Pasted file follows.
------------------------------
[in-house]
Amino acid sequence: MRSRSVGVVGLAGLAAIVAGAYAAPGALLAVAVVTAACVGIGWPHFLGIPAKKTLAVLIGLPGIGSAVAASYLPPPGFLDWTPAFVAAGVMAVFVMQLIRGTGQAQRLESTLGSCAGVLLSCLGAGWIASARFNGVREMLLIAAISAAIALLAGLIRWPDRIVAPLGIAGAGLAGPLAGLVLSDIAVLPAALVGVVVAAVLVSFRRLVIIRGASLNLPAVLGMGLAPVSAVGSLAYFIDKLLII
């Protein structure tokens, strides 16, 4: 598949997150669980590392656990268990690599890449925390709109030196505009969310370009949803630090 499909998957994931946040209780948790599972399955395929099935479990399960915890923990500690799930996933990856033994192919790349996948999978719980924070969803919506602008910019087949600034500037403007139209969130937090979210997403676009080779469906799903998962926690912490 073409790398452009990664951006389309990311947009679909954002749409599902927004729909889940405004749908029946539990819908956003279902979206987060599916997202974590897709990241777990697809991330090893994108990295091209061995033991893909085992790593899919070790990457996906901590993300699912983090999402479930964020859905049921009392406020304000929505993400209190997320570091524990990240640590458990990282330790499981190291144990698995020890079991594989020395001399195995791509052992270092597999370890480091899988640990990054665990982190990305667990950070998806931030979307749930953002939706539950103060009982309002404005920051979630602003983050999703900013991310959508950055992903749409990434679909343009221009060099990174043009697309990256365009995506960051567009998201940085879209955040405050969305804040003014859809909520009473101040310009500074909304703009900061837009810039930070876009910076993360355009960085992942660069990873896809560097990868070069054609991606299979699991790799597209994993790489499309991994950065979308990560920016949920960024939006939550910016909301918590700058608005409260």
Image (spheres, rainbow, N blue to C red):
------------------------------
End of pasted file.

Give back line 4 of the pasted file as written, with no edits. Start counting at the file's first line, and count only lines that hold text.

Image (spheres, rainbow, N blue to C red):